While much of the discourse on public debt and deficits among economists and media pundits has been related to the Eurozone Crisis, especially regarding Greece, or major developed economies such as the United States and Japan, much less has been heard about China's fiscal status. Yet, one of the most rapidly growing factors of public debt is occurring right now, in China, largely under the radar of the so-called fiscal prophets of doom.
At present, according to always questionable official statistics from Beijing, China's total public debt represents 58 percent of the nation's GDP. This is significantly lower than is the case with Japan and the United States. However, it is the rate of growth of that debt, particularly in connection with Chinese local governing authorities, that may begin to sound alarm bells. It appears that following the global economic and financial crisis of 2008, cities across China embarked on a massive borrowing and spending binge in a super-charged Keynesian effort to sustain China's traditional high annual rate of economic growth.
China's National Audit Office (NAO), following directives from the national authorities in Beijing, undertook an extensive accounting and auditing of the books of all of the nation's local spending authorities. What they discovered was that in only three years, China's local public debt grew by a staggering 70 percent, reaching a total of 17.7 trillion yuan, equivalent to nearly three trillion U.S. dollars. Another statistic is sounding alarm bells in China; up to 80 percent of all bank lending in China during the period following the onset of the global economic crisis was to local governments.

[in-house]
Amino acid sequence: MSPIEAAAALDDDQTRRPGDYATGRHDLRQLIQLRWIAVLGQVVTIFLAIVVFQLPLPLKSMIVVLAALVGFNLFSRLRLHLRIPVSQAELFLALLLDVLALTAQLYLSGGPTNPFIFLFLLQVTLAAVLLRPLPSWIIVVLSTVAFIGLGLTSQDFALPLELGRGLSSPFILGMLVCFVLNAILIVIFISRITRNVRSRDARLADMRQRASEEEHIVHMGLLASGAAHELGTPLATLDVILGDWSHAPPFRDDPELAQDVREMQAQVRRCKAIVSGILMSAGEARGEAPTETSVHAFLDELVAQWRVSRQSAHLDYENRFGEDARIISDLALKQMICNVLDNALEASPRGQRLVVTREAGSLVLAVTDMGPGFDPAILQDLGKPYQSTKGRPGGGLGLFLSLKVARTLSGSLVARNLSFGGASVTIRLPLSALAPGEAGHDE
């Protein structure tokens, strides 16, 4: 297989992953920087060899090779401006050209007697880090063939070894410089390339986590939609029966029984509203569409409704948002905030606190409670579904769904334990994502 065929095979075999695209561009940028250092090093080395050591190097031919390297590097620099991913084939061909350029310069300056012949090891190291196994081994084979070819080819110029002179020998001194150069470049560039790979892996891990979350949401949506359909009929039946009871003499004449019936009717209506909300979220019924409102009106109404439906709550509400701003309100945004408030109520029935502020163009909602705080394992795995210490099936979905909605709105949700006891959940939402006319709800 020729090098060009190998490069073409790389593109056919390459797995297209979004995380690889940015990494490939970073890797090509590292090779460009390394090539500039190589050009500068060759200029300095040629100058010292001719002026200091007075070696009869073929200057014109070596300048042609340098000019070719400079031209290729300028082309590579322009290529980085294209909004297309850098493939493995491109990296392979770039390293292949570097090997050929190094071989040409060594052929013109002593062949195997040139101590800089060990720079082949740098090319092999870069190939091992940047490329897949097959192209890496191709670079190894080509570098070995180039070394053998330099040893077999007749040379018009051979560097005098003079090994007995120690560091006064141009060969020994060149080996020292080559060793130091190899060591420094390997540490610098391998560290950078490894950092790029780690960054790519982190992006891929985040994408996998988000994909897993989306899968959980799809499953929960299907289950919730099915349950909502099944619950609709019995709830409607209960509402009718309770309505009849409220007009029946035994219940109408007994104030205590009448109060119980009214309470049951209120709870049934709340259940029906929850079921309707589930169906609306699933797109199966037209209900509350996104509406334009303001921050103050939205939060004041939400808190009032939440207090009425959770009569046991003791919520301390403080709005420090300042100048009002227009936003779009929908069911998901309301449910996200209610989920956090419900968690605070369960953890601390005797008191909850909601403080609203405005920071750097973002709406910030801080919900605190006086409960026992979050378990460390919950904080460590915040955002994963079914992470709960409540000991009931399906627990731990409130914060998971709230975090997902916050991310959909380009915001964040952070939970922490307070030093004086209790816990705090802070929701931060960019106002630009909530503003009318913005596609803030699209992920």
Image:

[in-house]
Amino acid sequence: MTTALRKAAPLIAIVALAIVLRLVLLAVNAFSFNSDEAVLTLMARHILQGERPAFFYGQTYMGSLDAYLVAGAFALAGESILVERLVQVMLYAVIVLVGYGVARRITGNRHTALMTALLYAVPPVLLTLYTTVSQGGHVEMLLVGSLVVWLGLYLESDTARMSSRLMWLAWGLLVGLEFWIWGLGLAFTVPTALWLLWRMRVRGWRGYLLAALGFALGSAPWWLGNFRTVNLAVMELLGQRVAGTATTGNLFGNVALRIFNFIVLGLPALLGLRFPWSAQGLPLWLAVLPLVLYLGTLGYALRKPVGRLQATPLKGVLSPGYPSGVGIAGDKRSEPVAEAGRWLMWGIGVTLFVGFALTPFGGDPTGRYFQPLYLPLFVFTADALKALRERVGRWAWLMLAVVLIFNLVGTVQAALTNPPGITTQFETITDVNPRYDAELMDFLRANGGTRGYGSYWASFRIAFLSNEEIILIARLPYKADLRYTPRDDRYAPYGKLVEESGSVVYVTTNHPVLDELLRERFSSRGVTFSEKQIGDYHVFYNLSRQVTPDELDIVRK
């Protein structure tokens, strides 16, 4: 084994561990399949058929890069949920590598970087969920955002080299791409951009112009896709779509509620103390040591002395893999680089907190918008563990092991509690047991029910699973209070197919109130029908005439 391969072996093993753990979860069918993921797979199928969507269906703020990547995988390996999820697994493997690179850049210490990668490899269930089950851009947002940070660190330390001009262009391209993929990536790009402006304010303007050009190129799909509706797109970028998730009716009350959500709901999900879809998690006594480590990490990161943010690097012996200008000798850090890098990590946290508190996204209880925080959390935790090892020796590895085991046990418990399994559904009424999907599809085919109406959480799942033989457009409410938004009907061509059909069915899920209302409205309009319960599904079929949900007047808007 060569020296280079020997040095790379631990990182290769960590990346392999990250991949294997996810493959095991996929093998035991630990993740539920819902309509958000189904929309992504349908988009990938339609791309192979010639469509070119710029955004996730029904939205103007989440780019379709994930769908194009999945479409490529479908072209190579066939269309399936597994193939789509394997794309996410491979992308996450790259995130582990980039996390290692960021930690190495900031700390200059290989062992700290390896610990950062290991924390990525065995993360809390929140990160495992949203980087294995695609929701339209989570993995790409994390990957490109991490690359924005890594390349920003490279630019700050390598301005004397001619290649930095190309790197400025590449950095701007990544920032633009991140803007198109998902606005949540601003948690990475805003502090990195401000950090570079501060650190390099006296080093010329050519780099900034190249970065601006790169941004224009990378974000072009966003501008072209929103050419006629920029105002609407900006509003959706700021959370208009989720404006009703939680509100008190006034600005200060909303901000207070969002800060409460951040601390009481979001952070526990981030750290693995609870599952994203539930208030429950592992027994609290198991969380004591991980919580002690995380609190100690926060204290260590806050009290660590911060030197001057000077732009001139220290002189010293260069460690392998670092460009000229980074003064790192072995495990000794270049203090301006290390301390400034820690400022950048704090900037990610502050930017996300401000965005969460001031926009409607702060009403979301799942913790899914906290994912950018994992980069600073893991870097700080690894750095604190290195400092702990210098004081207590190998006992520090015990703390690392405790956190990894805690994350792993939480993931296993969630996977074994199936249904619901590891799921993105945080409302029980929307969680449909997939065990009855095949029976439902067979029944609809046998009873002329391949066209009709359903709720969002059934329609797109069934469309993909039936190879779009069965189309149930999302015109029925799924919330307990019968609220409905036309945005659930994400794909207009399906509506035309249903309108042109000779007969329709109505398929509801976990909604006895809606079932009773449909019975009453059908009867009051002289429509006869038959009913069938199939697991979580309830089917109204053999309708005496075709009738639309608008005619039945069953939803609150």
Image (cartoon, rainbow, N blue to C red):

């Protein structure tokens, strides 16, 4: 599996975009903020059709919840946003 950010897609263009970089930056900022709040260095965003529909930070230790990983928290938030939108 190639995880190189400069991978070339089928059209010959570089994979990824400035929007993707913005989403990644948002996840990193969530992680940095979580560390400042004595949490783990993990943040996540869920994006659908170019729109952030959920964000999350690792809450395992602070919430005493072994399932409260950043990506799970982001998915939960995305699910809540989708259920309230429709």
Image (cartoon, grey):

The vast spending spree by city governments across China has erected vast quantities of housing stock and commercial edifices that are unoccupied and infrastructure projects that are underutilized. Some economists, particularly outside of China, may defend this massive and largely uncontrolled public debt expansion as enlightened public policy, aimed at preventing high rates of unemployment in China. However, China's national leadership is clearly worried about this stunning rate of growth in public debt at the local level, far outstripping real economic growth rates. Beijing knows that seeding official GDP growth rates with an unrestrained tidal wave of red ink is not a sustainable economic path to pursue. The dilemma for Beijing's economic policymakers is this; now that they know they have a serious problem of exploding public debt, what options are open to them that impose the least degradation to their cherished high rate of annual GDP growth? Their ultimate answer will inevitably have profound implications for the entire global economy